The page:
My experience has led me to believe that interpretation of cultural heritage is not just a tool, it is more of a lifestyle. The Interpret Europe Summer Courses for Certified Interpretive Guides/Trainers (CIG/CIT) this summer in Poland offered proof of just that. It did even more; it brought together one of the most connected groups I have ever had the chance to meet in one place. This made the biggest impact on me during the week. We started as colleagues and like-minded professionals and ended up as friends, co-workers and activists engaged around the common love for culture and cultural heritage.
Individually and together, we learned about the theory of heritage interpretation and the vast universe of concepts, such as facts and meanings, phenomena and themes, interpretive talks and walks, mind mapping and accessibility, roving and live interpretation. The theory was not given to us or implanted into our heads – each slice of knowledge was earned through practical exercises and examples. 90% of the time was spent outdoors and hands-on. There was no escape or possibility for the ‘I will do it later’ mentality. It pushed our boundaries and made us more vulnerable – in a good way. It did exactly what good practice heritage interpretation does on site.
Having had the privilege and honour to work with 50 European States in celebrating and defining their meaning of European heritage during the last ten years, I have realised three things: 1) celebration of cultural diversity and similarities brings together the best possible people; 2) storytelling and relationship building is the future of protecting our common heritage; and 3) local communities generally do not know how valuable their local heritage is.
Heritage interpretation goes along the same lines. It truly brings together the best possible people. Relationship building and storytelling are the main pillars of the concept – you need to not just engage the community, but rather work with them to showcase their best abilities and empower them to take responsibility for telling their own story/stories. And finally, the role of heritage interpreter is to guide the community in realising the value of their unique perspective(s).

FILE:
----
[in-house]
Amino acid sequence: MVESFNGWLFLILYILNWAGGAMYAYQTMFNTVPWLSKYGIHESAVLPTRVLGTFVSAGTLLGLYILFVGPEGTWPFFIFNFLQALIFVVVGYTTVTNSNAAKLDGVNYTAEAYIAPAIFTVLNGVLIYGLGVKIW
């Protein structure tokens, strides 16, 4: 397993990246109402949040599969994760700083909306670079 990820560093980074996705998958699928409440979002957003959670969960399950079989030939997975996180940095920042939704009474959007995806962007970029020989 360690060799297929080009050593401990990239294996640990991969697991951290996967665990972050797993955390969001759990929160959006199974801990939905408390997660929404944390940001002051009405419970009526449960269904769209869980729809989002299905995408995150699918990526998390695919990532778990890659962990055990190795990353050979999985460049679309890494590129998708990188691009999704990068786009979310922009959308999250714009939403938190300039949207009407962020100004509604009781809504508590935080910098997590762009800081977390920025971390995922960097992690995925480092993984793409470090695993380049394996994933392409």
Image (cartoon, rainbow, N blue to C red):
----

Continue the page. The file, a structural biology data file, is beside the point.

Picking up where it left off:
Once you get a grasp of what interpretation is, you will never look at the world in the same way again. A tree is never just a tree, a fact is never just a fact, a person is never just a person – it is a treasure chest full of unrevealed potential to tell a story and many stories to people around you. It is a way to create multiple narratives and open minds and, ultimately, make connections to people and phenomena that you might not otherwise encounter.
In the era where everyone claims we are more disconnected than ever, heritage interpretation gives room to empathy and compassion and universal human values and that is something that everyone should get certified in. I sure am glad I had the opportunity to do so.
Jelena Moèeviæ is a storyteller and relationship builder in charge of the European Heritage Days Programme at the Council of Europe. She is a heritage enthusiast and believer in the human approach to development of local communities. You may reach her at: firstname.lastname@example.org
To cite this article:
Moèeviæ, Jelena (2018) ‘Why heritage interpretation is much more than just a tool’. In Interpret Europe Newsletter 3-2018, 9.